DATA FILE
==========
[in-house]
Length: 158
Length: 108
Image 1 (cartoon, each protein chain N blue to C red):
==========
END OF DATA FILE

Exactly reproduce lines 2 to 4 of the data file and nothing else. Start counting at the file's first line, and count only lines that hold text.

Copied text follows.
Length: 158
Length: 108
Image 1 (cartoon, each protein chain N blue to C red):